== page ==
A jackhammer for a left foot: Vlahovic is an exceptional ball-striker, which makes him a goal threat at free-kicks as well as from distance. | Photo credit: Getty Images

A jackhammer for a left foot: Vlahovic is an exceptional ball-striker, which makes him a goal threat at free-kicks as well as from distance. | Photo credit: Getty Images

Vlahovic is an exceptional ball-striker — with a jackhammer of a left foot that can get the ball to curve and dip, he is a goal threat at free-kicks. His left foot also makes him dangerous from range as well as from inside the box, where he often finds space to receive progressive passes. 

Unlike many other left-footers, the 24-year-old isn’t one-footed. He is a more-than-competent finisher off his right when defenders shepherd him onto his ‘weaker’ foot — he is capable of both striking across his body and opening up his hips and side-footing the ball.

The 3-1 win over Lazio earlier this season showcased the variety of finishing Vlahovic possesses. He opened the scoring by sweeping home a cross with a technically supreme first-time finish. He later restored the two-goal cushion when he chested down a long ball, opened up space in front of two defenders with a touch and fired home from the edge of the box.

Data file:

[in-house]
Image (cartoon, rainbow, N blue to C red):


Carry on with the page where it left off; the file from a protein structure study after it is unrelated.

At 6’3”, Vlahovic has enough of an aerial presence. He can outjump most defenders and score off towering headers. He is also brave enough to attempt diving headers, his poacher’s instinct often getting him to balls other strikers may have given up chasing. 

At Juventus, Vlahovic doesn’t always get to show off his all-round game. He does not participate in the build-up as often as Lautaro does at Inter, for instance, but the Serb has the skill and touch to roll his defenders under contact. This makes him a good bouncing board for passes to release runners from deep, a facet of his game that makes him an ideal option for both one-striker setups and the two-striker system he almost always plays in at Juventus.

Power and touch: The Serb has the strength and skill to roll his markers under contact. This makes him a good bouncing board for passes to release runners from deep. | Photo credit: Getty Images

Power and touch: The Serb has the strength and skill to roll his markers under contact. This makes him a good bouncing board for passes to release runners from deep. | Photo credit: Getty Images

What the future holds

But for all of Vlahovic’s undeniable qualities, he will be judged on the numbers he puts up and their influence on Juventus’ pursuit of titles. The question both player and club will want the answer to is whether this run of goal-scoring form is consistently replicable or a one-off — this will also have a bearing on their future together. 

With Vlahovic’s contract set to run until June 2026, this summer could prove pivotal. A 25-goal season will attract interest from top clubs, with several big-name strikers set to shift. Juventus will need to ascertain whether cashing in when Vlahovic’s value has risen again is the right move; the risk of losing his potentially elite peak years is fairly high as well. 

For now, though, the focus is on closing the gap to Inter and keeping the others behind. If Juventus and Vlahovic can manage that, it’s unlikely anybody in Turin will ever question the €80 million price tag again.